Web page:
Traces Where There Should be Life

  
today, walking through mile after mile of pasture (10 miles today),  we found about a dozen teepee-rings. Four days ago, when I stopped to answer my phone, there by my boot was an arrow head. 

Everywhere we go, along with the history of ranchers and pioneer farmers, of North West Mounted Police, there are traces of the Assiniboine and Gros Ventre, Dakota and Lakota and Bkackfoot people who have lived here for so long, but are here no longer. They were pushed off the land by John A Macdonald, as official policy. 

It’s hard to be Treaty 4 and not see the other side here. Although it felt so easy to imagine those empty hills with their rings alive again. This is a pilgrimage of remembrance, of so many layers of life. Tonight camping in the yard of the Lacelle family and thankful for their incredible hospitality. 

  

The Surprise Dinner Guest

Max Mirau with Hugh and Matthew

An example of one of my interviews with a self-professed “old timer”:

My father used to hunt deer year-round. Didn’t care a bit for the hunting licenses. He was a generous man and would hunt deer and give them to all of the neighbours. No one had much money then, so the meat was welcome, but my mother used to fret about his illegal hunting and give him trouble over it. Then one day the policeman came to the door on horseback after a long ride. He was tired and hungry and my father, always hospitable, asked him to stay to eat. Mom had a huge venison roast in the oven. She brought it out and served it, shaking with fear that father would be clapped into jail for poaching. The policeman finished eating, wiped his mouth, said “that was one of the finest beef dinners I’ve ever eaten”, got on his horse, and rode away.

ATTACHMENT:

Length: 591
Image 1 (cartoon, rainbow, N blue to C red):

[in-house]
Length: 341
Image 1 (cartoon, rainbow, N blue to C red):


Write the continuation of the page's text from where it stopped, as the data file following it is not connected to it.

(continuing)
Max Mirau, Swift Current, an old friend of my father’s.

Blue Moon over the Riverside Motel

arrival Jack's cafe

blue moon over main street

There’s no better way to reach a destination than to ford a stream and arrive on its banks. Even if you don’t have to. Stew Tasche, writer and producer of “The Cypress Hills will never be the Same”, and his wife Cindy arrived at Chimney Coulee this morning just as we were packing up our tents. They walked with us the short, half-day, five miles into Eastend. It was like Stew knew every inch of the way. “We used to cycle out here and find old NWMP shell cartridges”. “That’s where my uncle lived. The Metis chimneys were still here when I came out to see him.”

When we crested the hill and looked down on wooded Eastend, Hugh asked if we’d like to ford the Frenchman River at the old crossing, rather than walk across the bridge. Since I’ve been looking at that water enviously for days, he didn’t have to ask twice. We inched down the steep incline, came to the water……

“That’s the highest and fastest I’ve seen it in a long time,” Cindy said. Stew agreed. Eventually, probably because he’d suggested it, Stew grabbed a thick pole of a branch and inched across. He was fine and so we followed, one by one. We came to the ranch-house that has been in his family for generations, the first house in Eastend.

And for me, eventually, to the motel, for the first shower in many days, a working toilet, and a cold beer. Ed, one of the owners, was playing blues in the other room when I got to the desk, and couldn’t hear me ring. When he found out I was one of the NWMP walkers, he gave me the family rate. Tonight is Friday night. Tomorrow the SK History and Folklore Society have a number of events scheduled, finishing with a banquet and readings by author Candace Savage. I’m looking forward to meeting this author who has so changed the way I see my prairie homeland. But in the meantime, it’s a blue moon, a very quiet town, and I’m going to sleep comfortable and clean in the Riverside Motel.

blue moon over the Riverside Motel

Rhubarb Wine among the Saints

cactus on the plain

Tonight we;re in a grove between caragana hedges, on the Duke farm near Eastend SK. Now that the dark has descended, it feels like a secret, hidden place, with only the sound of cicadas and crickets to accompany my typing. No coyotes as yet, although the moon is full and just waiting for their chorus. The farm is located along the Frenchman River, with the steep walls of the valley rising miles away at either side of a great, wide, flood plain. We walked that plain all day….tawny hills on the left and the right, white mud cliffs that leave your fingers stained, and a river I wanted several times to jump into for some kind of break from the heat. For the first time this trip, we’ve had to contend with mosquitoes, so setting up tents was a hurried affair.